There is expected to be a significant reduction in weekly supply of the COVID-19 vaccines starting at the end of March, with health leaders stating that volumes for first doses will be significantly reduced. But what does this mean for the vaccination programme?


Here are some of the answers to the key questions.

What is behind the delay?

It has been said that the reduction in vaccine supply is partly down to a delivery of five million doses of the AstraZeneca vaccine from the Serum Institute of India being held up by four weeks.

However, indications from the Government are that a number of global manufacturers are experiencing issues with supply.

Vaccine doses ordered by UK © PA Graphics.
Vaccine doses ordered by UK © PA Graphics.

What does this mean for the vaccine rollout?

Health leaders in England have said that from 29 March volumes for first doses will be significantly constrained. This shortfall is predicted to last for four weeks.

Professor Martin Marshall, chairman of the Royal College of GPs said the focus in April will now be on giving second doses to people who were vaccinated earlier in the year.

The guidelines from the Joint Committee on Vaccination and Immunisation say there should be between 4 and 12 weeks between doses.

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What about the vaccination targets?

The Department of Health and Social Care says the Government is still on track to offer a first dose to all adults by the end of July.

Health Secretary Matt Hancock has also said the 15 April target for vaccinating over-50s will still be met.

Who does the delay affect?

People in their 40s are likely to have to wait until May to get their COVID-19 vaccine.

It had previously been hoped that vaccination of this group would start in April, after all of those over-50 had received their first jab.

What about the Moderna vaccine?

The jab from US biotech firm Moderna is not expected to arrive until the spring, although a specific date has not yet been given.


After the vaccine was approved by regulators in January, the Government purchased an additional 10 million doses of the vaccine on top of its previous order of 7 million.

How do scientists develop vaccines for new viruses?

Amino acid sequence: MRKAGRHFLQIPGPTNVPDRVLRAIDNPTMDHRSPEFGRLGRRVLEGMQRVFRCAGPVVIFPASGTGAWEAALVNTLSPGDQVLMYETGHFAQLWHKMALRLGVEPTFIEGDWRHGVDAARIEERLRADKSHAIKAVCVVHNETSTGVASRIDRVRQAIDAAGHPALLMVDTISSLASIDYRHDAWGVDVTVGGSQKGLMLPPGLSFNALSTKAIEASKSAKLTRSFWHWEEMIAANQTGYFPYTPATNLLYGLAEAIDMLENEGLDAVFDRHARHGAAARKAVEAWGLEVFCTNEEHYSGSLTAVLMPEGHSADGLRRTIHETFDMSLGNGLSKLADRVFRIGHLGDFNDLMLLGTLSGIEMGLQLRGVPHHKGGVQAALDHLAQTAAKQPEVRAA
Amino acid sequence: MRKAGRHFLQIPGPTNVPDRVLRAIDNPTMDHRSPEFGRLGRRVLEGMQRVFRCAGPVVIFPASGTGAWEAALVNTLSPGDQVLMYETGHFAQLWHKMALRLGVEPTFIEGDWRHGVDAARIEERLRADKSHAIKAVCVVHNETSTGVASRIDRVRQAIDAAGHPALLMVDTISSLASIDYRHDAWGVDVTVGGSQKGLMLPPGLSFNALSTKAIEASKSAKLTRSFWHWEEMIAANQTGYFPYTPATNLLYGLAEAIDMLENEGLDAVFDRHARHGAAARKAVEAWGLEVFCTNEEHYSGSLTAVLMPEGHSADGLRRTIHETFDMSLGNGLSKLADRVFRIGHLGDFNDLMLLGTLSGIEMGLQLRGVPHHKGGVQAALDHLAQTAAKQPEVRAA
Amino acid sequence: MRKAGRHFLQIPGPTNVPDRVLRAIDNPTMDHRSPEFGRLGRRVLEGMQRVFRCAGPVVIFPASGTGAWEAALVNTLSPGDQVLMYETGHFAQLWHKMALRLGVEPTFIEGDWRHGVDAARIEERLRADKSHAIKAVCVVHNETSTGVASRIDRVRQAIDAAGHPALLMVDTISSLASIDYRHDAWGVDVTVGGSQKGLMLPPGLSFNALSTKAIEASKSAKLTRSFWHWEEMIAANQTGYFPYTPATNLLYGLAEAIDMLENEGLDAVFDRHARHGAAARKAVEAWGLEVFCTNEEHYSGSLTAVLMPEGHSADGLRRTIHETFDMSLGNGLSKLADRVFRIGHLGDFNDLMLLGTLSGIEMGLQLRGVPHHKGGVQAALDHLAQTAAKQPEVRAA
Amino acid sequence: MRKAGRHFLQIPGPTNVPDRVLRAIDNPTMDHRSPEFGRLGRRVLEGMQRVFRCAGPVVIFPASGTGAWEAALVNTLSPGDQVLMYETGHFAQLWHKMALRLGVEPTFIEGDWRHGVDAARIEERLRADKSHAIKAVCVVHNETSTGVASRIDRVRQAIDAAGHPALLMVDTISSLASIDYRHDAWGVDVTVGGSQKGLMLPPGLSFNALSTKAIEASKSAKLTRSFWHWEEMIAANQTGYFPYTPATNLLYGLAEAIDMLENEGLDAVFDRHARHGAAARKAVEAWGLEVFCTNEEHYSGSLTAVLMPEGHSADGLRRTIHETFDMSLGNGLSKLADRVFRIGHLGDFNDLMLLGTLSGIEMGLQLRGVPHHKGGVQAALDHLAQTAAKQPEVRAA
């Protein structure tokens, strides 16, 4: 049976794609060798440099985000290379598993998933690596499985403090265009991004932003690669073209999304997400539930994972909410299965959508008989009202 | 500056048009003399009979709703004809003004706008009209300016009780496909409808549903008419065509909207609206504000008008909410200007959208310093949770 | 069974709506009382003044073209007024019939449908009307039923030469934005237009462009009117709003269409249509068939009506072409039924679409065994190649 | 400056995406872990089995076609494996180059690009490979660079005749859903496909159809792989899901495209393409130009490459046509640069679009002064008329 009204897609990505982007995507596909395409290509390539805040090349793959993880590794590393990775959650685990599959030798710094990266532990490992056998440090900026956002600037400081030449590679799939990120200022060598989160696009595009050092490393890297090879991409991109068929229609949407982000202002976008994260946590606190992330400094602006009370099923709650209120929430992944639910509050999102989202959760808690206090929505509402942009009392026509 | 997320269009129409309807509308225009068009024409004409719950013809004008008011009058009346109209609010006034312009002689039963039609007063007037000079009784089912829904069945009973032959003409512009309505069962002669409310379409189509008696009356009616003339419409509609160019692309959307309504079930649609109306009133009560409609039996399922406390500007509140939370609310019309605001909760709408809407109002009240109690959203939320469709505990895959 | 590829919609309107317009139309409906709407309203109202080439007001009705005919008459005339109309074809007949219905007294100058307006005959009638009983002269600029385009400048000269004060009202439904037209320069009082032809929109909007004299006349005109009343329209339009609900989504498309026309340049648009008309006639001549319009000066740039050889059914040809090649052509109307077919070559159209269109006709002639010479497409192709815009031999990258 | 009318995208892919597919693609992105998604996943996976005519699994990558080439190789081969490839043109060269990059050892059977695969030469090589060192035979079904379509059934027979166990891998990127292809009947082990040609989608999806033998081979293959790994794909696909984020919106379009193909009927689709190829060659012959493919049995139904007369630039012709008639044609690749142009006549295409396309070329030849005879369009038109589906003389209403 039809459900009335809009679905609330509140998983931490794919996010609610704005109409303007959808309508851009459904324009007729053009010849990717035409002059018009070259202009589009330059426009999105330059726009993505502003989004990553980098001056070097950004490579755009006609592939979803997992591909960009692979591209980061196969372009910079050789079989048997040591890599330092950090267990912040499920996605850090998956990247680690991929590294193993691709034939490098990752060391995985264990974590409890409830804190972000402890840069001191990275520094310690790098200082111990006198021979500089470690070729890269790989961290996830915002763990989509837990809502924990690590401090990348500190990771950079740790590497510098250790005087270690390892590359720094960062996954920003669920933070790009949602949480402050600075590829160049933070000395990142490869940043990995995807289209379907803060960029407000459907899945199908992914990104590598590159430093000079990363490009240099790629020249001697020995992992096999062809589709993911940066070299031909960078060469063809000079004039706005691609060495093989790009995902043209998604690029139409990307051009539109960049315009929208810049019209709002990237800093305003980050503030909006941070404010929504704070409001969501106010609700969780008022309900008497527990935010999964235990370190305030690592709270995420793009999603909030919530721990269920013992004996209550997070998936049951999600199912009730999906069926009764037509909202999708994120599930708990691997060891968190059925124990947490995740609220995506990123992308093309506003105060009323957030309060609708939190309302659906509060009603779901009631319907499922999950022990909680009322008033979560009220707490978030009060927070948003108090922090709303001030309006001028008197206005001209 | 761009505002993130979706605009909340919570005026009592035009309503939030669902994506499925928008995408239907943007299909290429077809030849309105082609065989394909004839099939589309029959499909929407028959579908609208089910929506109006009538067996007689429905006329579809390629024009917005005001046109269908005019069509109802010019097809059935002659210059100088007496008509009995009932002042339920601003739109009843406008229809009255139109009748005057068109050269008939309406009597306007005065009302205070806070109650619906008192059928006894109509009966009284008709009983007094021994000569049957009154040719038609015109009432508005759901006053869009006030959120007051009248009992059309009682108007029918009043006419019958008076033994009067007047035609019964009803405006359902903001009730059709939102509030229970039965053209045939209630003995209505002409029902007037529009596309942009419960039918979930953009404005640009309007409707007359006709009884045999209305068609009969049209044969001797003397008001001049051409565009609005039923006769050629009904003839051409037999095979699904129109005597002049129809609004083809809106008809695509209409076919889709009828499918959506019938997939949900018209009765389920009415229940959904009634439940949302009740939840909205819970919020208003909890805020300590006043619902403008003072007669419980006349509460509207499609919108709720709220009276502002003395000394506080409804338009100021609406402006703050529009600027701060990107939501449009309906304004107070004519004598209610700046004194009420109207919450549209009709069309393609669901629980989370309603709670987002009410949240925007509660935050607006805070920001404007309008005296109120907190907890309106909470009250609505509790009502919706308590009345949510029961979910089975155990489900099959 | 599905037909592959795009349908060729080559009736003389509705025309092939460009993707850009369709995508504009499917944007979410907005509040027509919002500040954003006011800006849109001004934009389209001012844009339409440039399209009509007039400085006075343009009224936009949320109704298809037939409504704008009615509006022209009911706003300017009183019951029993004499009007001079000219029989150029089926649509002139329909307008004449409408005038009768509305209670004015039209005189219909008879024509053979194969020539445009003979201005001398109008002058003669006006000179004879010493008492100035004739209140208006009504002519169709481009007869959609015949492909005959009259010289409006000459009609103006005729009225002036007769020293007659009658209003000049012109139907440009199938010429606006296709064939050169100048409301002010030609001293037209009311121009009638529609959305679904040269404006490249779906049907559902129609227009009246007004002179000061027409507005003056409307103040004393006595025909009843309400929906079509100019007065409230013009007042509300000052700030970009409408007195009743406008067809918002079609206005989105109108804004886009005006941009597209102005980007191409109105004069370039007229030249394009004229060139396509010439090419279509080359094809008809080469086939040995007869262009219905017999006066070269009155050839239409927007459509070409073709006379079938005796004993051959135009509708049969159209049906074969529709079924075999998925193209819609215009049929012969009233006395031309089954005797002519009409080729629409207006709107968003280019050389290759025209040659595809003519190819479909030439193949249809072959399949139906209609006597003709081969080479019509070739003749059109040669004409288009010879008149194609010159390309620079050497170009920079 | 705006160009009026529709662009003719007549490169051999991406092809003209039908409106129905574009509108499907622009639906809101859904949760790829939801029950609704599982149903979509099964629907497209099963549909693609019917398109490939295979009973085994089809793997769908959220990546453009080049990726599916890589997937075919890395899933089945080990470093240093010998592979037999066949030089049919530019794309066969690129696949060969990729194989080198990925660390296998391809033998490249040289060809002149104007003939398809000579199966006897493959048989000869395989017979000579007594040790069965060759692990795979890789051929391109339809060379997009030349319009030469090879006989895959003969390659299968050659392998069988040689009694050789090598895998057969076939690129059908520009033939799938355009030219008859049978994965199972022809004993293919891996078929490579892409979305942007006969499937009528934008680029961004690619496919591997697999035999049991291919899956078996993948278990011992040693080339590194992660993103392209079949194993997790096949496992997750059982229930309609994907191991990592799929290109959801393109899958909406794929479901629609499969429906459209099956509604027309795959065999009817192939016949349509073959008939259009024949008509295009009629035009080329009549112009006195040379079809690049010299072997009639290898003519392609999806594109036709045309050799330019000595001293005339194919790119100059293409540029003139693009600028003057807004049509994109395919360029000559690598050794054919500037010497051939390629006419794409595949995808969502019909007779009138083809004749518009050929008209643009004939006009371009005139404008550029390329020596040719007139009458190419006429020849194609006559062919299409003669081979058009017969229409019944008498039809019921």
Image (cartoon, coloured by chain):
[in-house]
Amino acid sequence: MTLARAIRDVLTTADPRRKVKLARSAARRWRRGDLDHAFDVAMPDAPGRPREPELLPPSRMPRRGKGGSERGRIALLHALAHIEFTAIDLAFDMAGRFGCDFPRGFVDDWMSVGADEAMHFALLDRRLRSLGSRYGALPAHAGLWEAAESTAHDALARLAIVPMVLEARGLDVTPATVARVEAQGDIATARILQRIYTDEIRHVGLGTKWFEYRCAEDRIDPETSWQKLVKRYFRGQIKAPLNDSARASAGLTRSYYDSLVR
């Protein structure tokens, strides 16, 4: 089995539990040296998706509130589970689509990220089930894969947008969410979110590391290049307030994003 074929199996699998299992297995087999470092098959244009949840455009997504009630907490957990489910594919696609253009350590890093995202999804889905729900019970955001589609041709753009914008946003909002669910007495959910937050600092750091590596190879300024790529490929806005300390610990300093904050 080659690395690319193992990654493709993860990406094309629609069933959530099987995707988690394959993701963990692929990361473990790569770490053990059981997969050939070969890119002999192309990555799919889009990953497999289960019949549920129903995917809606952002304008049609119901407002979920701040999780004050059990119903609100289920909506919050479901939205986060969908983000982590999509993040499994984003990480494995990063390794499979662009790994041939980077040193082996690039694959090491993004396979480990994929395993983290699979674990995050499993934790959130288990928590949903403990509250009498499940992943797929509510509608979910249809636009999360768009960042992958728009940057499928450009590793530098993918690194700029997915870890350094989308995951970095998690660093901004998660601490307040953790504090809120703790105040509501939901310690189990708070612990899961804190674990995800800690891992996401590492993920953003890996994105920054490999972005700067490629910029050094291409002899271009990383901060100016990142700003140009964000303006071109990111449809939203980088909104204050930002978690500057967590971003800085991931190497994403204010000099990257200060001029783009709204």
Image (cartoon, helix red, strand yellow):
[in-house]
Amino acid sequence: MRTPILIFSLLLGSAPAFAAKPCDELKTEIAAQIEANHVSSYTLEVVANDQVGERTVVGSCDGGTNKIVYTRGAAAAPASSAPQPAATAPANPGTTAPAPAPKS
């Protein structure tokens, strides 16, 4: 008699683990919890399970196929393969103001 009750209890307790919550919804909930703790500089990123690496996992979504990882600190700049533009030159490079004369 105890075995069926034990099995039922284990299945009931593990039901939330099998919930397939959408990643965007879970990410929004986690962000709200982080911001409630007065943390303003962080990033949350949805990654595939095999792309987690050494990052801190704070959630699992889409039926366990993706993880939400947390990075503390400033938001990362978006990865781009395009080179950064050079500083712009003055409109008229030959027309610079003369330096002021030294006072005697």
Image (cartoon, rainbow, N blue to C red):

Vaccines work by fooling our bodies into thinking that we’ve been infected by a virus. Our body mounts an immune response, and builds a memory of that virus which will enable us to fight it in the future.

Viruses and the immune system interact in complex ways, so there are many different approaches to developing an effective vaccine. The two most common types are inactivated vaccines (which use harmless viruses that have been ‘killed’, but which still activate the immune system), and attenuated vaccines (which use live viruses that have been modified so that they trigger an immune response without causing us harm).

A more recent development is recombinant vaccines, which involve genetically engineering a less harmful virus so that it includes a small part of the target virus. Our body launches an immune response to the carrier virus, but also to the target virus.

Over the past few years, this approach has been used to develop a vaccine (called rVSV-ZEBOV) against the Ebola virus. It consists of a vesicular stomatitis animal virus (which causes flu-like symptoms in humans), engineered to have an outer protein of the Zaire strain of Ebola.

Vaccines go through a huge amount of testing to check that they are safe and effective, whether there are any side effects, and what dosage levels are suitable. It usually takes years before a vaccine is commercially available.

Sometimes this is too long, and the new Ebola vaccine is being administered under ‘compassionate use’ terms: it has yet to complete all its formal testing and paperwork, but has been shown to be safe and effective. Something similar may be possible if one of the many groups around the world working on a vaccine for the new strain of coronavirus (SARS-CoV-2) is successful.

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Jason Goodyer
Jason GoodyerCommissioning editor, BBC Science Focus

Jason is the commissioning editor for BBC Science Focus. He holds an MSc in physics and was named Section Editor of the Year by the British Society of Magazine Editors in 2019. He has been reporting on science and technology for more than a decade. During this time, he's walked the tunnels of the Large Hadron Collider, watched Stephen Hawking deliver his Reith Lecture on Black Holes and reported on everything from simulation universes to dancing cockatoos. He looks after the magazine’s and website’s news sections and makes regular appearances on the Instant Genius Podcast.